DENR-12 intensifies crackdown vs. online wildlife sale

Forester Dirie Macabaning, enforcement division chief of the Department of Environment and Natural Resources-Region 12 (File photo courtesy of DENR-12)

GENERAL SANTOS CITY: The Department of Environment and Natural Resources (DENR) in Region 12 (Soccsksargen) has intensified its crackdown on the selling online of various rare plants and wildlife species.

Forester Dirie Macabaning, chief of the DENR-12’s enforcement division, said they have widened their monitoring of the illegal activity in various social media platforms in coordination with police and other law enforcement units.

He said they conducted entrapment activities in the past months that netted rare flora as well as forest animals like lizards and pythons.

“We pose as buyers and then set up meetings with the sellers in public places, like our plazas, along with our policemen,” he said in a press conference in Koronadal City on Tuesday.

Since last year, Macabaning said they already rescued and recovered from unauthorized persons at least 57 wildlife animals, including a mother tarsier with a young, monkey, reticulated python, Pinsker’s Hawk Eagle, Philippine Honey Buzzard, Philippine Serpent Eagle, Eastern Grass Owl, and Brahminy Kite.

Citing the provisions of Republic Act 9147 or the Wildlife Resources Conservation and Protection Act, he said the hunting and collection of wildlife species, as well as flora and fauna, are prohibited.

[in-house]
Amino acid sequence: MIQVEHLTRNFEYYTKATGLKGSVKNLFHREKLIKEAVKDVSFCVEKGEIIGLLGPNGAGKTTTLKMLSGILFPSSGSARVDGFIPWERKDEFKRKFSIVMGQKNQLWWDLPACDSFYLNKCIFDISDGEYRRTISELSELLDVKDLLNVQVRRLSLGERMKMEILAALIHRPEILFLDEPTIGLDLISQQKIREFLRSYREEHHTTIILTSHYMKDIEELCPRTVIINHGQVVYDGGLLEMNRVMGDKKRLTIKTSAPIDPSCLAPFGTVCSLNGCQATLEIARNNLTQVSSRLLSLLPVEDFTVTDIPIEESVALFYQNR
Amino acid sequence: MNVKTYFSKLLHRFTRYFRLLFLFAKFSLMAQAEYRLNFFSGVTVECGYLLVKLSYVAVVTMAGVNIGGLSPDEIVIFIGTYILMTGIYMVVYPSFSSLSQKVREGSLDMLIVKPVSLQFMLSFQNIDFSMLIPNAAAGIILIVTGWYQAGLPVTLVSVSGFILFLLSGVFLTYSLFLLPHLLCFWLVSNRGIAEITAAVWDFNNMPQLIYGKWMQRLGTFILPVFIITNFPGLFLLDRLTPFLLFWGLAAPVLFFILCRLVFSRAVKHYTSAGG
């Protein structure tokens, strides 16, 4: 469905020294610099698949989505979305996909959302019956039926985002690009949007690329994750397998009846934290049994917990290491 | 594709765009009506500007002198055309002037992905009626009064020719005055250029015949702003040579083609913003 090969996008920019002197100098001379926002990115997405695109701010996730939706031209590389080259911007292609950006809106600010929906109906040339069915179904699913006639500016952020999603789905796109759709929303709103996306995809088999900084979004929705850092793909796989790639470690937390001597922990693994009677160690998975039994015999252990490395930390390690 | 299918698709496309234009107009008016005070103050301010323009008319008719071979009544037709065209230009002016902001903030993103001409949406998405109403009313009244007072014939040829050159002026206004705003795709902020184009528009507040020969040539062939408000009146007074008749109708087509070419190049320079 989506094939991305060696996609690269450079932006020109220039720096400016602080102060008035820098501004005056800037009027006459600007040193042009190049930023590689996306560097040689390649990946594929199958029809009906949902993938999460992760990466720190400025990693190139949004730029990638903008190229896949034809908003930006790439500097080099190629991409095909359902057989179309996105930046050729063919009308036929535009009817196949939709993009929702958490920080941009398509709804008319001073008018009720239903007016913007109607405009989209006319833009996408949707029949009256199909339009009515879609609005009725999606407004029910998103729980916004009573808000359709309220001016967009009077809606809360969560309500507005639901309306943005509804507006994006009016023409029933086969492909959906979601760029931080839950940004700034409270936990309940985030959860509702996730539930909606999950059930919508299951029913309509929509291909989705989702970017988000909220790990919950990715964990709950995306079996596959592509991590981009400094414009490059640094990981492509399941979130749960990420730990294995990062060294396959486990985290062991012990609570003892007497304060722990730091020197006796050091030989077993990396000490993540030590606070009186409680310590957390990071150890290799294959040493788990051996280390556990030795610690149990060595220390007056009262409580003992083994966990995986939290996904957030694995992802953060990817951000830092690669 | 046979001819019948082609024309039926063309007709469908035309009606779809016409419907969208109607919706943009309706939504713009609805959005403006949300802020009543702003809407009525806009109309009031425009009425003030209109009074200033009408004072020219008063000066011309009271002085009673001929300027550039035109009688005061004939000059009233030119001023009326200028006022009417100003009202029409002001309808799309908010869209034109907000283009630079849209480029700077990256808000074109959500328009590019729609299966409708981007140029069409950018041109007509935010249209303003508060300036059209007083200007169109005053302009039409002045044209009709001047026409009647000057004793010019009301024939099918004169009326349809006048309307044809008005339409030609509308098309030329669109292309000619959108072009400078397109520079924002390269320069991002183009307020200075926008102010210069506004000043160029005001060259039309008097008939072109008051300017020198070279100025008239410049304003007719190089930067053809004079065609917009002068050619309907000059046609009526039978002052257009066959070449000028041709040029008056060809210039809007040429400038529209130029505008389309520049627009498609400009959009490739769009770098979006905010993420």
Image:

He said violators could face jail term of up to 12 years and a fine of as much as PHP1 million.

Individuals who find any wildlife animal are not allowed to keep them and should contact concerned environmental personnel to facilitate their retrieval or rescue, he said.

“Keeping or putting them in a cage could constitute illegal possession of wildlife,” Macabaning said.

The official said they have strengthened their coordination with local stakeholders to help monitor and prevent the hunting and collection of wildlife as well as flora and fauna in parts of the region, especially in the protected areas.

He added that they have trained and deputized volunteers in various communities to arrest violators.

Macabaning said they complement these efforts with the awareness and advocacy activities in the community and barangay levels regarding the importance of wildlife in an area’s biodiversity.

“We’re not just focusing on the enforcement side as there should be a paradigm shift in wildlife conservation. We should be able to prevent or stop these illegal activities from happening,” he said. 

(Allen Estabillo/PNA/SRNY/RSP)

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